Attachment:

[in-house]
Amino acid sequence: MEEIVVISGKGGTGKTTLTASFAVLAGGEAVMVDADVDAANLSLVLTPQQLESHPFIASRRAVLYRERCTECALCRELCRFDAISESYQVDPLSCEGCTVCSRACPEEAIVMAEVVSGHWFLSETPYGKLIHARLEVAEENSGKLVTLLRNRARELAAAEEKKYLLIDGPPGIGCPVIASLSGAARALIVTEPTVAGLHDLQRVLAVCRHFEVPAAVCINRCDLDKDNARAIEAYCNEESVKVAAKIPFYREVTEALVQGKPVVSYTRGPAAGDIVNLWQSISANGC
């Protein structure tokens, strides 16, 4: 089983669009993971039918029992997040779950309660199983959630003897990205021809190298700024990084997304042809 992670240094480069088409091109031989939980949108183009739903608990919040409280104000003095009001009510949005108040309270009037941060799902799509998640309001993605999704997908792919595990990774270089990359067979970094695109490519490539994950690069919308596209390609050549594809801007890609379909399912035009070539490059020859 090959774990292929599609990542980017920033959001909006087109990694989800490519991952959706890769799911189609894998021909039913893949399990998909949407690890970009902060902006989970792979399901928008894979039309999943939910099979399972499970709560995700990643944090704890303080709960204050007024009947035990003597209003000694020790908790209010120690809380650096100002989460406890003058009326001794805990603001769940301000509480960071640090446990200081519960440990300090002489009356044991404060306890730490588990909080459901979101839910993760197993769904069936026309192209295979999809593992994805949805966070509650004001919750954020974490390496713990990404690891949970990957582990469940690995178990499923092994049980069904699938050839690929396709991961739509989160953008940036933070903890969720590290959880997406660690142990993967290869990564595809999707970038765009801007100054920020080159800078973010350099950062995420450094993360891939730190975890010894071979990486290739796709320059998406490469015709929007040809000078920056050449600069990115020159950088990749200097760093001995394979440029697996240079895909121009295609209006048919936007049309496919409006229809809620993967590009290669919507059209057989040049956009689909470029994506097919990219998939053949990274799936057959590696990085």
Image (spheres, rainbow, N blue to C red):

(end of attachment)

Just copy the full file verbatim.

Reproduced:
[in-house]
Amino acid sequence: MEEIVVISGKGGTGKTTLTASFAVLAGGEAVMVDADVDAANLSLVLTPQQLESHPFIASRRAVLYRERCTECALCRELCRFDAISESYQVDPLSCEGCTVCSRACPEEAIVMAEVVSGHWFLSETPYGKLIHARLEVAEENSGKLVTLLRNRARELAAAEEKKYLLIDGPPGIGCPVIASLSGAARALIVTEPTVAGLHDLQRVLAVCRHFEVPAAVCINRCDLDKDNARAIEAYCNEESVKVAAKIPFYREVTEALVQGKPVVSYTRGPAAGDIVNLWQSISANGC
């Protein structure tokens, strides 16, 4: 089983669009993971039918029992997040779950309660199983959630003897990205021809190298700024990084997304042809 992670240094480069088409091109031989939980949108183009739903608990919040409280104000003095009001009510949005108040309270009037941060799902799509998640309001993605999704997908792919595990990774270089990359067979970094695109490519490539994950690069919308596209390609050549594809801007890609379909399912035009070539490059020859 090959774990292929599609990542980017920033959001909006087109990694989800490519991952959706890769799911189609894998021909039913893949399990998909949407690890970009902060902006989970792979399901928008894979039309999943939910099979399972499970709560995700990643944090704890303080709960204050007024009947035990003597209003000694020790908790209010120690809380650096100002989460406890003058009326001794805990603001769940301000509480960071640090446990200081519960440990300090002489009356044991404060306890730490588990909080459901979101839910993760197993769904069936026309192209295979999809593992994805949805966070509650004001919750954020974490390496713990990404690891949970990957582990469940690995178990499923092994049980069904699938050839690929396709991961739509989160953008940036933070903890969720590290959880997406660690142990993967290869990564595809999707970038765009801007100054920020080159800078973010350099950062995420450094993360891939730190975890010894071979990486290739796709320059998406490469015709929007040809000078920056050449600069990115020159950088990749200097760093001995394979440029697996240079895909121009295609209006048919936007049309496919409006229809809620993967590009290669919507059209057989040049956009689909470029994506097919990219998939053949990274799936057959590696990085």
Image (spheres, rainbow, N blue to C red):